R Dovid Winiarz z’l
by Meir Goldberg
After the holocaust, the broken survivors of the Nazi concentration camps were gathered and provided for in DP (Displaced Persons) camps. The Klausenberger Rebbe Zt’l acted as both a father and a Rebbe to many of the Jews there, constantly providing them with material and spiritual chizuk.
There was a young man in the DP Camps, who grew up in a religious home who now refused to have anything to do with the Yeshiva that was set up or anyone in the frum community. In spite of all of the pleading and cajoling of his friends, the young man would not respond to them at all. The exasperated bochurim decided to speak to the Rebbe to see if he could impact this fellow.
The Rebbe summoned the young man to his temporary residence. The Rebbe said to the man, “I know why you’re upset. It’s because they took the best ones and they just left us.” The Rebbe again said, “They took the best ones and they just left us.” The Rebbe held the young man in a tight embrace and together they sobbed and cried and repeated over and over, “They took the best ones and they just left us.” The fellow left a changed man. His friends had spoken to his head but the Rebbe spoke to his heart.
Yesterday, Klal Yisroel, the Staten Island community and the Kiruv world lost one of it’s best, R’ Dovid Winiarz. R’ Dovid, the man with a perpetual smile, word of chizuk, whose entire essence was kiddush Hashem, was tragically killed in an automobile accident on the way to the AJOP convention. He died on the way to a Kiruv – Jewish outreach convention – how fitting. His whole life was dedicated to Kiruv.
Though he was a businessman, it seemed as though he was a full time Mekarev. He engaged hundreds in shiurim, chavrusas, online learning, etc. He spent hours with people on social media educating, engaging and debating. His facebook profile, ‘The Facebuker Rebbe,’ reached thousands.
R’ Dovid once took his family on vacation to Niagra Falls. At the Falls he met a couple whom he engaged in conversation. They were secular Jews who showed some interest in Judaism. R’ Dovid learned with them for a year and a half afterward. Stories like this were commonplace with him.
He regularly engaged Jews on Facebook who had left the fold. While he always debated with a smile, some of those with whom he engaged were not quite so nice. Yet when one of them lost her job, he was the first to help her find another one.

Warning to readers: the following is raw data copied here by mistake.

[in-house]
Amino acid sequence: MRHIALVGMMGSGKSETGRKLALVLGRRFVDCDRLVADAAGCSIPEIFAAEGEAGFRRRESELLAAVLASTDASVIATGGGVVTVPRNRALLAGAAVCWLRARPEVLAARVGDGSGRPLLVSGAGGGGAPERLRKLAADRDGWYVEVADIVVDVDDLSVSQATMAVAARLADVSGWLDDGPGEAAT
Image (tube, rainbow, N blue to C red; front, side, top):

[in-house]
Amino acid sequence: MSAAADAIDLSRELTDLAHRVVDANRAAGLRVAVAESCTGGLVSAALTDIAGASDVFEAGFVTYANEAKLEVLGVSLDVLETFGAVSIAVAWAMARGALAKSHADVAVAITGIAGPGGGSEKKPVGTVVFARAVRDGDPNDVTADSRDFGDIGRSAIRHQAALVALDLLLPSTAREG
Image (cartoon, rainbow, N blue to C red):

R’ Dovid was a chessed – kindness – leader. He was heavily involved in organizations like Tomchei Shabbos and Bikur Cholim of Staten Island. To him, chessed was quite personal. When someone posted on facebook that her mother was sick in the hospital, he was the one who actually went to visit her. He made a point to take the train and not drive, so that he could give two of his business cards with Jewish resources for secular Jews – one for the Jewish person he met on the train and one for that person to give to another Jewish friend. He gave out one hundred cards going to and from the hospital visit.
R’ Dovid left behind a wife and ten kids. While one would think that someone so utterly dedicated to klal yisroel would not have time for his children, quite the opposite was true. His daughter had seven notebooks full of poems, quotes, letters and messages that he would write to her. One of his final facebook posts was a picture of him and his son at Motzai Shabbos Avos Ubanim.
There is a campaign online to help the family. One can be sure that R’ Dovid would be the first to donate to such a campaign.
On Sunday, Hashem took the best one and He just left us….
Rabbi Meir Goldberg is the Director of Meor Rutgers Jewish Xperience at Rutgers University. He can be reached at [email protected]
I can understand why such a man As the FaceBuker Rebbe would feel more at home in Heaven than he did among us fallible mortals, but isn’t he needed far more down here than up there? When I hear about him, or the son of the Chief Rabbi of Tunisia, or the grandson of Rav Soloveitchik, being taken from a world as broken as ours is, a world that so desperately needs such people down here with us, I truly have to wonder what G-d has in mind when He allows such things to happen.
Maybe G-d is pleading with to pick ourselves up with our own bootstraps.
I was fortunate enough to attend Yeshiva with Dovid. One cannot fathom such “neimus” until it is actually seen. It is so unnerving to have any sort of sadness associated with him since he exuded such simcha.
Rabbi Dovid Winiarz’s Torah video channel:
Raymond, Many view asking your question as entirely inappropriate. Ki lo mahshevosai, mahshevosakhem, implies our inability to understand. As the Rav ztl suggested, an appropriate response is how we might choose to react. I am aware of numerous attempts by rabbis to explain why, but that is a question for them to explain.